Day-after-recall: A method of testing the performance of an ad or commercial that involves interviewing members of the audience one day after contacting the ad or commercial in a media vehicle to determine how many viewers can remember ( without outside help and support) encountered this particular ad or advertisement

Sales Coverage: A measure of the availability of products sold through retailers – usually as a percentage of all potential outlets – and indicates a brand's percentage of market access

Frequency: The average number of exposures received by the portion of the defined population that has been "reached" (i.e. received at least one exposure to an advertisement or campaign) assessed during a given time period

Gross Rating Points (GRP): Measures the size of an audience (or the total number of exposures) reached by a given media vehicle or schedule during a given time period. It is expressed as the rating of a particular media vehicle (if only one is used) or as the sum of all the ratings of the vehicles included in a media plan. It includes every duplication of the audience and is equal to the reach of a media plan multiplied by the average frequency of the schedule. Goal Scoring Points: Express the same concept but with a closer audience in mind

Impression: A measure of how often an ad is viewed. Also known as exposures and opportunities-to-see (OTS), they all refer to the same metric: an estimate of the audience for a media insertion (an ad) or campaign. In an internet context, an impression is a single display of online content on a user's web-enabled device. So, it's the number of times the ad is displayed, regardless of whether it is clicked or not. In theory, every time an ad is viewed, an impression is generated. The number of impressions received depends on the reach of an ad (the number of people who see it) multiplied by its frequency (the number of times they see it). Note that impressions don't take into account the quality of the ads, or even whether the consumer actually “sees” the ad: an opportunity to view the ad, a look, or a detailed ad all count as one impression

Intent: A measure of attitudes towards a customer's stated willingness or plan to behave in a certain way. A common operationalization is the intention to buy, the stated plan to buy a particular product or service at a later date

Inventory Velocity or Inventory Turnover: A measure of the time period that begins when the raw materials or inventory is purchased and ends when the finished goods are sold to the customer (the period of time that a company owns the inventory). It is measured by dividing the cost of goods sold by the average inventory level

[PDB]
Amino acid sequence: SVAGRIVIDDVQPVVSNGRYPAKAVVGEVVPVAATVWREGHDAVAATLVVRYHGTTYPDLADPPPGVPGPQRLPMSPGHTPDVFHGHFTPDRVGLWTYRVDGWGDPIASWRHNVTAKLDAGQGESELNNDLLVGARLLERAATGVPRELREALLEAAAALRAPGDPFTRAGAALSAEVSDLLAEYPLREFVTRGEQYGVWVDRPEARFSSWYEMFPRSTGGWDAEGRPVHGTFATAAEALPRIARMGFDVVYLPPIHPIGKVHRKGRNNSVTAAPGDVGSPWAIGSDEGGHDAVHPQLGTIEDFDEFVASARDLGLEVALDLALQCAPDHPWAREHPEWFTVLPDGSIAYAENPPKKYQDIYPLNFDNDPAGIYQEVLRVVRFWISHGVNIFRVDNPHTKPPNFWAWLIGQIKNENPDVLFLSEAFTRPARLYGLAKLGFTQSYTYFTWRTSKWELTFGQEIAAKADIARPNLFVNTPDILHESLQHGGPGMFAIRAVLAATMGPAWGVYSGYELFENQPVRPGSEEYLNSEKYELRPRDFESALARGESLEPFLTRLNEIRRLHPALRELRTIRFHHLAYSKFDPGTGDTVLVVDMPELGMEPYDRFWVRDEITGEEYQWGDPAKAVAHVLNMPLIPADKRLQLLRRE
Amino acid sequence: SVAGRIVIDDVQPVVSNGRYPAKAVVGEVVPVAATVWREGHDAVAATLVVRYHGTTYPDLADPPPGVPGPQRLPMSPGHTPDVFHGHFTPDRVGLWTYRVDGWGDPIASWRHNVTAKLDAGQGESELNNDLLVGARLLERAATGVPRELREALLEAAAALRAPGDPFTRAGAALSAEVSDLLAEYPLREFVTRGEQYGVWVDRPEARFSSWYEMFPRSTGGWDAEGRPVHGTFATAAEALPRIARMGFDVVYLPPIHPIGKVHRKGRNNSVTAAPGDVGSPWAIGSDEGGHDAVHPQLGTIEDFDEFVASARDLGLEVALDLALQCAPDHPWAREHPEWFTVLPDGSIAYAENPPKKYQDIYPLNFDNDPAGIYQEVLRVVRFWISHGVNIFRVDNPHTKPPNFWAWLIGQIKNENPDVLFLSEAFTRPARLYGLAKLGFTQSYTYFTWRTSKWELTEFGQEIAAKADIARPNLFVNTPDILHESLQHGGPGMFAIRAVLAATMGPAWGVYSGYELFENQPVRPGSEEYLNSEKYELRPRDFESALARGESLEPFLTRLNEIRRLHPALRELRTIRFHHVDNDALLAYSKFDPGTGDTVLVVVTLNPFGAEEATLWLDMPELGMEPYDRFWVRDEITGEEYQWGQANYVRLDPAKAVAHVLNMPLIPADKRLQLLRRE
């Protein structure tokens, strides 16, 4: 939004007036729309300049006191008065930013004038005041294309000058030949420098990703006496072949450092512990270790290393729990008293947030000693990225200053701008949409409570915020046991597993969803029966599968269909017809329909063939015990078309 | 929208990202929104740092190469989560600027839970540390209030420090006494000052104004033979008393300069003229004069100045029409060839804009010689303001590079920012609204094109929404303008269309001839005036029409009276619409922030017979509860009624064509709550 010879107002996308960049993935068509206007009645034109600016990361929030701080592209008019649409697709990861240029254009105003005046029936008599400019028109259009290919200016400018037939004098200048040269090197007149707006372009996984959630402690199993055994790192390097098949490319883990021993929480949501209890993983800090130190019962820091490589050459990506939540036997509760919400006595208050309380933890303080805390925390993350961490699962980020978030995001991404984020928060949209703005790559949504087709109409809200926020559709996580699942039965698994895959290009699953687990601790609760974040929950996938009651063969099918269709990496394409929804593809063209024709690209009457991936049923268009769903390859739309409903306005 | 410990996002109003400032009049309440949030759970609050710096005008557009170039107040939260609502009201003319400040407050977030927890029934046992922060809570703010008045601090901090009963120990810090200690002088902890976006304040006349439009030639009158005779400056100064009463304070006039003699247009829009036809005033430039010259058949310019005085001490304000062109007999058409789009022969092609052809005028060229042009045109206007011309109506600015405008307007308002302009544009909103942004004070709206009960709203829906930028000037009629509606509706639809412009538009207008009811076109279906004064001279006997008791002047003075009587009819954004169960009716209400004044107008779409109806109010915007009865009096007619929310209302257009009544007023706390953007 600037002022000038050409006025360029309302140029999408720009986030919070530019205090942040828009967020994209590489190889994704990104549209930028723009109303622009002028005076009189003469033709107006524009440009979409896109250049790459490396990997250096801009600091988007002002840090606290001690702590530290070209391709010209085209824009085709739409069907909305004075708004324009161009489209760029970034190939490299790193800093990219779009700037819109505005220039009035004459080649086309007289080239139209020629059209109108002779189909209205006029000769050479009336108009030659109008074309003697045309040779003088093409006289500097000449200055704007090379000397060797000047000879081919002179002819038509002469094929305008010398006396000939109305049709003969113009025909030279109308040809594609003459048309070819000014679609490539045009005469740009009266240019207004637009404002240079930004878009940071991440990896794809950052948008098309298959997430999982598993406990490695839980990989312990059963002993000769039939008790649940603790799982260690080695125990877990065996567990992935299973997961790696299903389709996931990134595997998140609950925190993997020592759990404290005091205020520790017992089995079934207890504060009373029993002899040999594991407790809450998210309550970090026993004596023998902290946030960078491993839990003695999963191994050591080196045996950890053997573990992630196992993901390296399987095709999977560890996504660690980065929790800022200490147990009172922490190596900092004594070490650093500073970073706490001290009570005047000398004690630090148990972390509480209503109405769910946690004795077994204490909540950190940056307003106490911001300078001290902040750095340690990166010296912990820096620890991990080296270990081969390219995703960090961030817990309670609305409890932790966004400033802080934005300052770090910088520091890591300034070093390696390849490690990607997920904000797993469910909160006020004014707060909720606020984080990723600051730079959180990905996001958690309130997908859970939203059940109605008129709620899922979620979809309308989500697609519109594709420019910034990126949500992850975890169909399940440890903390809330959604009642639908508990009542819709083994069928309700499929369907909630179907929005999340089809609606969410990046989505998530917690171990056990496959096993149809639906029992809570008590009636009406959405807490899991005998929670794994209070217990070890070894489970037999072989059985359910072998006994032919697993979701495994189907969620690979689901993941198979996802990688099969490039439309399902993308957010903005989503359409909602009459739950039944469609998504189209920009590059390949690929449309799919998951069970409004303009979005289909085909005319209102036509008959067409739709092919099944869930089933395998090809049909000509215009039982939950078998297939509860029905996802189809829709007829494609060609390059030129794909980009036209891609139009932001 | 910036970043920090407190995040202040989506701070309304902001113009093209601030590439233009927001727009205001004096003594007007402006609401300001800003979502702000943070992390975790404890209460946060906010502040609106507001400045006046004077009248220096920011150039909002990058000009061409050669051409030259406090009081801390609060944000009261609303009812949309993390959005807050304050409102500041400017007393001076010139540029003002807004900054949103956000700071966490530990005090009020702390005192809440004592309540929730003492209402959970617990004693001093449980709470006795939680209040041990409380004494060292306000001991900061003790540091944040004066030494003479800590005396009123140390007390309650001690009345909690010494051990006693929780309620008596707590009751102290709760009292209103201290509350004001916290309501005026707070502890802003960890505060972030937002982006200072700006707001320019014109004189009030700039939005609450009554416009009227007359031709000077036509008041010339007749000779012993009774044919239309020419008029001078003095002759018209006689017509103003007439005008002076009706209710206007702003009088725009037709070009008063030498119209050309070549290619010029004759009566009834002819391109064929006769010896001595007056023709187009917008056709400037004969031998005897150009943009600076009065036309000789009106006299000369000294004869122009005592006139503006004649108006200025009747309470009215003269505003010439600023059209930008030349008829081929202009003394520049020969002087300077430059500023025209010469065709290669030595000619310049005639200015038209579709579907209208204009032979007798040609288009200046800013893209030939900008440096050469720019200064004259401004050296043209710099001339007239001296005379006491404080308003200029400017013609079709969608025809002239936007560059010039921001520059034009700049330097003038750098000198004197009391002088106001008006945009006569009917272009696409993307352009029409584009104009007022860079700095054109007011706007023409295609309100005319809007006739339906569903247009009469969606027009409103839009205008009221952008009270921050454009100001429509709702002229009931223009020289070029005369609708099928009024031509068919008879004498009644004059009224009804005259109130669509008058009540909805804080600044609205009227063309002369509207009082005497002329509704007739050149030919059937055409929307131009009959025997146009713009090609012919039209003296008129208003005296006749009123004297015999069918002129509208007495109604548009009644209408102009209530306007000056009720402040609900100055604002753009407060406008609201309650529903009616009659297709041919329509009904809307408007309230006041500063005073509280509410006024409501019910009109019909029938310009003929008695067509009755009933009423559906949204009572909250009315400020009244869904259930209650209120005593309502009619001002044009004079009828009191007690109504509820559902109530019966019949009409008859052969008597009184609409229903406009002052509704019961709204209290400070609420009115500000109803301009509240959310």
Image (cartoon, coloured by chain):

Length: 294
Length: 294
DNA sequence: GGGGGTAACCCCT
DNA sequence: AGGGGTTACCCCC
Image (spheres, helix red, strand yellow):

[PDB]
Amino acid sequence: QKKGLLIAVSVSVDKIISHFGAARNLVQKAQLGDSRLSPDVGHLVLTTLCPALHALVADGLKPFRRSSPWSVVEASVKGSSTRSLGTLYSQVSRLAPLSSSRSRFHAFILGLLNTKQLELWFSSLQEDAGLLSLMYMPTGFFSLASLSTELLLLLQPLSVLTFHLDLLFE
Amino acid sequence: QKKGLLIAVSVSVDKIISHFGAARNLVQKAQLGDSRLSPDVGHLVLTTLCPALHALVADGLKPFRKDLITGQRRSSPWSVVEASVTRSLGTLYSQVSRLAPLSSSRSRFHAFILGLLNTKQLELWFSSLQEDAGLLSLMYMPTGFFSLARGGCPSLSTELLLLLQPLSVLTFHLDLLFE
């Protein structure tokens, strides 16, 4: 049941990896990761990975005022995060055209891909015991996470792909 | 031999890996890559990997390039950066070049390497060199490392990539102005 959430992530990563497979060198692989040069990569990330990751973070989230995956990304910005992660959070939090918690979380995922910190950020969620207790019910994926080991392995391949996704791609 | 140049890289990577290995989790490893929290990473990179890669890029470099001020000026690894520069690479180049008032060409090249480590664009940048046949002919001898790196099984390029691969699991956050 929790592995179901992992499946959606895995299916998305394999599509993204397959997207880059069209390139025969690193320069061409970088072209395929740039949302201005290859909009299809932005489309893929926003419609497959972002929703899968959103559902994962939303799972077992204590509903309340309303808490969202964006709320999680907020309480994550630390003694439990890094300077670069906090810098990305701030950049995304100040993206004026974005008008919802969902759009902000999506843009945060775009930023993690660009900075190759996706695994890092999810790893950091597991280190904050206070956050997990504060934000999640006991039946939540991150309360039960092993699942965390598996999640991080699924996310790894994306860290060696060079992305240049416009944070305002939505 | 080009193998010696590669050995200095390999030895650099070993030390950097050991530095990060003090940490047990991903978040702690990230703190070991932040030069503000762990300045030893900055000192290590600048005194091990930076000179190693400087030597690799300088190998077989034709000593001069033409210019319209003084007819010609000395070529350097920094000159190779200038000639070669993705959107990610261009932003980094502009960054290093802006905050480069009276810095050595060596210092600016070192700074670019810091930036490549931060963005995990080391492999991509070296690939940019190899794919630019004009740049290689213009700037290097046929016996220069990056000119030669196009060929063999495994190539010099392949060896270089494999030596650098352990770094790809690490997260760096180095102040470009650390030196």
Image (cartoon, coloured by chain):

Leads to the Deal Ratio: A measure of the number of sales made divided by the responses to a particular marketing activity

Market Share: The percentage of a market (defined as units or sales) that a particular company accounts for

Media mentions: Number of product or service mentions or appearances per medium and month and whether these mentions were positive or negative

Price sensitivity: a measure of the extent to which demand for a particular product is affected by a change in price

Rating point: A rating point is defined as the range of a media vehicle as a percentage of a defined population (e.g. a television program with a rating of 2 2% of the population reaches).

Reach: This metric is also known as net reach and indicates the number or percentage of people in a defined population who are exposed to advertising at least once. The number of different people or households that have been exposed to a particular ad or media plan during a given period of time. It is also known as cumulative audience, cumulative reach, net audience, net reach, net non-duplicated audience, or non-duplicated audience. Reach is often expressed as a percentage of the total number of people in a specific target audience or market

Callback (Assisted and Unsupported): The percentage of people in a survey situation who will remember a particular ad or commercial when asked generally and specifically about what they remembered

Referrals by Client / Per Client: Number of clients ready to refer new clients and number of referrals from each client

Sales per customer: Number of sales made by a specific customer in a specific period of time

Sales by sales channel: Number of sales that were made through a specific sales channel in a certain period of time

Willingness to Recommend: The percentage of customers who say they would recommend a brand to a friend

The definitions come from the Marketing Accountability Standards Board's Common Language Marketing Dictionary. You can go through the list and correlate the impact of these interim measures and metrics with the possible financial outcomes.

For example, the ad recall usually predicts a higher probability of product selection at the point of sale. So increasing ad recalls suggests that revenue will increase. It's not an exact science. However, if you know non-financial metrics and metrics and compare them to previous periods and those of competitors, you can say a lot about how your business is doing – or will do – in US dollars.

ContriBranding Strategy Insiders: David Stewart, Professor of Marketing and Business Law at President of Loyola Marymount University, Author, Financial Dimensions of Marketing Decisions.